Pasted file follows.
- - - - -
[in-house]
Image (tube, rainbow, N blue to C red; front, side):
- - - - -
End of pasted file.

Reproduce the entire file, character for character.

[in-house]
Image (tube, rainbow, N blue to C red; front, side):